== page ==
This program was rife with problems, and they stemmed from the fact that HMA’s protocol was to utilize prisoners as employees in the program, who worked as administrative staff and phlebotomists. Because they were paid, corruption enveloped the program through the prisoners who worked within it.  They sold the right to bleed, they paid those who bled in drugs, and diseased prisoners were allowed to bleed because the adequate screening processes were neglected, and even doctored by the prisoner-employees themselves.

Between 1964 and 1983, products that were contaminated with AIDS, Hepatitis B, and Hepatitis C were shipped to Canada, Japan, South Korea, and many European nations. In 1983, the first international recall of the product’s history occurred, and the issue went public, which, in turn, caused a public relations nightmare. Most of the companies who bought the raw product from HMA had no idea that it was coming from infested prisoners in Arkansas.

HMA was implicated in unethical international communication on their part, because they had openly covered up the contamination issues for years. The plasma was exported outside the U.S. until 1983, but its sale within U.S. borders had been banned for years prior to the international recall. HMA openly lied about the contamination, and funded misinformation campaigns to promote their own shoddy merchandise, which resulted in global AIDS and Hepatitis infections in the hundreds of thousands. 

For example, in 1983, HMA president Leonard Dunn successfully lobbied for the company to retain its contract until 1986, despite the fact that he knew that nearly 40 per cent of their product was contaminated in 1983 with AIDS and Hepatitis C. He only cared about profit, and not the public.

After examining a case like this, it’s hard to avoid cynicism. Questions like, “Do ethics even matter?” run rampant. How many other companies treat communication this way? It always helps to look at messages in terms of profit. Also, how do they stimulate financial growth? What are the problems with the products they promote?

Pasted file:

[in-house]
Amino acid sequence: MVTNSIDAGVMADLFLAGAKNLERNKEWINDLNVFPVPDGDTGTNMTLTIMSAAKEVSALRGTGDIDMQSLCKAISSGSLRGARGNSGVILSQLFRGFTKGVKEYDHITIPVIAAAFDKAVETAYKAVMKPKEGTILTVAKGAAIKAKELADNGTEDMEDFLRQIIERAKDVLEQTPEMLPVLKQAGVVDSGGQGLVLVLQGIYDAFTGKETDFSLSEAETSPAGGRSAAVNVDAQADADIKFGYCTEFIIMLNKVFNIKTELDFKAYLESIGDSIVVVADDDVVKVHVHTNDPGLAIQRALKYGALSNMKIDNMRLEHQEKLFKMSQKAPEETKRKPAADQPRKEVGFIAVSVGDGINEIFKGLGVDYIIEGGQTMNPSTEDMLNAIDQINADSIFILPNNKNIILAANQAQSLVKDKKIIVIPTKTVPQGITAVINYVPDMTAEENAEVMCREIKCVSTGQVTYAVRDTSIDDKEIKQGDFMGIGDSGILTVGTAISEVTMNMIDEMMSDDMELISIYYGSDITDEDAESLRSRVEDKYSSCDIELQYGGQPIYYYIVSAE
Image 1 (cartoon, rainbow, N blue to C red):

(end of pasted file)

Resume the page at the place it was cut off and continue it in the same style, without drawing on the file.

For all ethical practitioners, this is something to consider, because, in some instances, innocent lives are at stake.

— Jamal Nath

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Social Media Ethics

The rise of social media over the past decade has been the fastest change in communication in history. Businesses and corporations need to address how social media is changing the way we communicate. Of course, there are policies, rules, and ethical laws behind social platforms such as Facebook, Twitter, LinkedIn and YouTube. However, if users don’t read these policies and simply click ‘I Agree’ when setting up their account, there isn’t a way or a reason for people to read them or care.

 

Employees must realize that there is no such thing as privacy or personal property. Thousands of users can access conversations, posts, and pictures. Whether employees use social media on a personal or professional level, it is important to differentiate opinions to facts, as well as the ethically correct use of these social platforms.

 

Employers need to set a standard for their employees. A corporation or business as a whole should come together as an entity to decide their goals, motives, and interests. They should establish a tone, and how much they want to be visible on social media. Employees should then be sensitive to these standards, and post within their guidelines.

 

It sounds simple, but it only takes one tweet or one post to go viral for an entire business or brand to deal with the aftermath.

 

–Stephanie Larocque

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Ethically Challenged

P.T. Barnum was the master at taking advantage of a situation.  Some people believe he was a liar and a huckster, while others believed he was a genius and a trailblazer.  But, one thing is certain, he was a pioneer in advertising and public relations.  He understood the value of publicity, good or bad.

Barnum knew how to take advantage of situations to get a desired result.  Is that unethical?  He falsified situations to generate interest, but he also offered certain legitimacy.  He told the truth often enough that he was hard not to believe.    For every FeeJee mermaid he presented, he followed up with a Jenny Lynch.

When his endeavors were questioned, he stood behind them. Take the case of Josephine Cloufuilla, Barnum’s first bearded lady.  Barnum was taken to court about the legitimacy of her beard.  He won the case and counter-sued; though it was speculated later that he staged the court cases to generate interest in his show.

For all of his attractions, P.T. Barnum only ever admitted to four hoaxes; Joyce Heath, George Washington’s alleged former nurse, the FeeJee mermaid, the Grand Buffalo Hunt, and Tom Thumb’s Baby.